Thursday, May 20, 2010

Countdown to the 2010 World Cup

As the 2010 World Cup games quickly approach, human traffickers and abolitionists alike are gearing up for a busy month. According to one estimate, at least 373,000 football fans are expected to be drawn to the events in South Africa. Although it is hard to make an accurate estimate of the number of sex workers that will also be present, it is clear that they are already arriving in force and their numbers undoubtedly include those who will be working against their will.

According to the
Christian Science Monitor, local hotel employees report seeing an influx of prostitutes from many different countries, from as far away as China, Pakistan, India, Hong Kong, and Venezuela, although the primary source country for incoming sex workers appears to be Zimbabwe. According to the Monitor, cross-border bus drivers have reported that most of their passengers in April were women, which is unusual because normally their passengers primarily consist of men traveling to South Africa for work.

Despite these reports from locals, an anonymous senior Home Affairs official told the
Monitor that "We do not have evidence of [prostitutes entering the country], but will always make sure that no illegals, particularly human traffickers, enter the country through our ports." One has to wonder about the diligence of the government, if it truly does "not have evidence" of entering prostitutes, while hotels and bus drivers report that entering prostitutes have been comprising a majority of their clientele.

Meanwhile, charity and international organizations have been working to spread awareness about human trafficking during the games. One international network of Catholic women's orders has been running an awareness
campaign called "2010 Should Be About the Game," targeting attendees, potential victims, and the general public.

International Organization for Migration launched an initiative this week to support organizations responding to human trafficking during the World Cup, which will be funded by the U.S. Department of State. The initiative will primarily fund activities raising awareness, including radio dramas, theater, road shows, soccer matches, and school trainings.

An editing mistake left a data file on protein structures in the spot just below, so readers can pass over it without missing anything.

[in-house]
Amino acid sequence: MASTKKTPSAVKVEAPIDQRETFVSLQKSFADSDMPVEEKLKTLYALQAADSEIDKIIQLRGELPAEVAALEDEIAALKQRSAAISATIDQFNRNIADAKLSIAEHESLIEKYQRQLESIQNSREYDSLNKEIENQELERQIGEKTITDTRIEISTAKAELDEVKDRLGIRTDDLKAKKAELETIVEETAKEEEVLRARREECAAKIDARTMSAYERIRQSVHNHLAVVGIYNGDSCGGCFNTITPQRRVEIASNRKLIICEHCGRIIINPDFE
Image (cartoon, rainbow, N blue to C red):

FIFA has taken unusual steps toward assisting South Africa's police force, holding a security meeting at its headquarters with international security representatives, and funding additional police officers from all participating nations to assist the South African police force during the games. Although there is no indication the assistance is directed toward addressing the trafficking problem, hopefully it will free up more of the South African police to put more efforts towards assisting the games' most vulnerable and unwilling participants.

Image source:
The Catholic Herald

1 comment:

  1. Anonymous6:03 PM

    I think that the things that go on in the human trafficking world are sickening. Its good to know that there are people taking action on this horrible, and indecent crime. I didn’t know that global sporting events like that FIFA world cup had such an impact on the traffickers. Is weird to know that there could be things like this terrible crime going on some events I have been to, granted none of the things I have been to were international, but im sure if it can happen in South Africa it could happen anywhere, like some of the Chicago Cubs or Chicago Blackhawks games I have been to. To me it is really comforting that most of the nations involved in the FIFA world cup are committing man power and money to the cause, which is policing the South African area more intensely than normal. The groups that advocate this should be treated as somewhat of a terror organization. They have different cells for different markets, and they cause all kinds of terror on the people that they use in during it. They should be systematically destroyed. The organization of migration should be applauded for their efforts to seek out these terror cells.